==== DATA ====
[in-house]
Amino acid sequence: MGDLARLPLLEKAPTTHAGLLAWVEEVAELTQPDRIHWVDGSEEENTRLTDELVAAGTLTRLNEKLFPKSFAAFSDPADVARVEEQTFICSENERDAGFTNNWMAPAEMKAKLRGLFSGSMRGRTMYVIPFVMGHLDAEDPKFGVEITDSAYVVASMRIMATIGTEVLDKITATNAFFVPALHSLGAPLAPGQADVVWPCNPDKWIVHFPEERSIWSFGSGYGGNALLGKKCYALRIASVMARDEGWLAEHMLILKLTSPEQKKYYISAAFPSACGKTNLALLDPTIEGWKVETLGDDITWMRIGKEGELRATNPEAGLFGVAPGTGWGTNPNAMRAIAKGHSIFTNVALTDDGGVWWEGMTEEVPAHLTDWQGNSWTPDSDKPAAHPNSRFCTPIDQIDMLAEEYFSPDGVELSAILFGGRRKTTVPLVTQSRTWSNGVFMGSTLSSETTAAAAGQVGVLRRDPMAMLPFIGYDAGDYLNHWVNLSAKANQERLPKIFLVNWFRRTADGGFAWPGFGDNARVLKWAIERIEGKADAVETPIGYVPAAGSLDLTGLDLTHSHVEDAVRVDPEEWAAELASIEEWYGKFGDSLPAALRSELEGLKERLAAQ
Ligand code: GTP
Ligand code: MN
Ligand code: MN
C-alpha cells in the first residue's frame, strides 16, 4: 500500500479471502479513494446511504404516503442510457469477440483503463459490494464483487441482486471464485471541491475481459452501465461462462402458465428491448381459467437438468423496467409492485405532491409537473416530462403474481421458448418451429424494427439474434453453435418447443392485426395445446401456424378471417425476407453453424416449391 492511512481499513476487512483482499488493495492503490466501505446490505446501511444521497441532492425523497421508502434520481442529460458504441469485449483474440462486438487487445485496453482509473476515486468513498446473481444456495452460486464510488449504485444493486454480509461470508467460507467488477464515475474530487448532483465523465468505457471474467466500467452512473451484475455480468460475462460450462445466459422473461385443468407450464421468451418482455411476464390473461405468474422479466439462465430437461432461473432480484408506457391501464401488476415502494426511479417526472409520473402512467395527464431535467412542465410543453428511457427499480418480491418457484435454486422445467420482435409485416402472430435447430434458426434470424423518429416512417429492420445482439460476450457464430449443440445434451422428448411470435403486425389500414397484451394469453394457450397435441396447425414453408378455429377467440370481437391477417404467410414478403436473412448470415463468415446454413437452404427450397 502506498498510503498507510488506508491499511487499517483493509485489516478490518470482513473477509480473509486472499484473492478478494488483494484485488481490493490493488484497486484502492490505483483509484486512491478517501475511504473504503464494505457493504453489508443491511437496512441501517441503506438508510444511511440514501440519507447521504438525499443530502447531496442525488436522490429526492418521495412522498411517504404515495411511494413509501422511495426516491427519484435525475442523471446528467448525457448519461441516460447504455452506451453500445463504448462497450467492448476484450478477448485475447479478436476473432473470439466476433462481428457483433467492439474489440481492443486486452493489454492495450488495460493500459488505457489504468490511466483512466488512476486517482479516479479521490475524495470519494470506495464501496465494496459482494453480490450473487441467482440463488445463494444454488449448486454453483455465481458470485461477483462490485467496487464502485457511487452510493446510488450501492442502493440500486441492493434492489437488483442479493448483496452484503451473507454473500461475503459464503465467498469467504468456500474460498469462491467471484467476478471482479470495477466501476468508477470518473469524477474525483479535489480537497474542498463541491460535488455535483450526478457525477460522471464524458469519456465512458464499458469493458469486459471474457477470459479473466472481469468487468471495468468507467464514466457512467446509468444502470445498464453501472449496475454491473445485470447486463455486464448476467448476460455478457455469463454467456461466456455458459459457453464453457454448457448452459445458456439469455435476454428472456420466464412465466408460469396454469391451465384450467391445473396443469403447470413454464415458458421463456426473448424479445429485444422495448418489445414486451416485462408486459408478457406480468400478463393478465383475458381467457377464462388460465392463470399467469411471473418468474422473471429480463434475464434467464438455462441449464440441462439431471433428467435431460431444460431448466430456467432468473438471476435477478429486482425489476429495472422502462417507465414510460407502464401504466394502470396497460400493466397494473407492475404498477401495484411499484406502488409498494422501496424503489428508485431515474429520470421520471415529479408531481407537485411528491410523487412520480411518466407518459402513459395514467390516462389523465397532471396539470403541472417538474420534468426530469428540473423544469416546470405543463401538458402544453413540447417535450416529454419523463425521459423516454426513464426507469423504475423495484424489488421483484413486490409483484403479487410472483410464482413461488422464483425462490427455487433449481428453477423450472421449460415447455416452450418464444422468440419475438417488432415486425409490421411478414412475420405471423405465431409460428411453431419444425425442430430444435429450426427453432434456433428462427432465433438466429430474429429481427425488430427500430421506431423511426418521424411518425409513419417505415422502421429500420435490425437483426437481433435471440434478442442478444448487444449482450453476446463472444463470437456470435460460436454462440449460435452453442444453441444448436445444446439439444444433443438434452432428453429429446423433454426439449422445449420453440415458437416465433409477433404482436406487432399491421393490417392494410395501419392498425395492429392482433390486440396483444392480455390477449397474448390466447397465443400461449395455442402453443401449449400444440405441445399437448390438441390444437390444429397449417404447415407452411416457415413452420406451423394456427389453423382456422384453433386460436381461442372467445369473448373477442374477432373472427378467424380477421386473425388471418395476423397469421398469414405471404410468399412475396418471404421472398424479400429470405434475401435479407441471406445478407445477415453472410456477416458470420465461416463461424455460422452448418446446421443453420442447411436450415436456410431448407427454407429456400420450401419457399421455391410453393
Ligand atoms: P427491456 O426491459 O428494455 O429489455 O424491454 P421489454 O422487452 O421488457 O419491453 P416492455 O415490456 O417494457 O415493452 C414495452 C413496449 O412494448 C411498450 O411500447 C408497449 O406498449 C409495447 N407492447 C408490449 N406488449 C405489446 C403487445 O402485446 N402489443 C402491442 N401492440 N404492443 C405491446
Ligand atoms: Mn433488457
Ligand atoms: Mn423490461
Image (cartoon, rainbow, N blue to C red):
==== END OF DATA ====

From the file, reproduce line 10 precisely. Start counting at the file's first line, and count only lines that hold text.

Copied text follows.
Image (cartoon, rainbow, N blue to C red):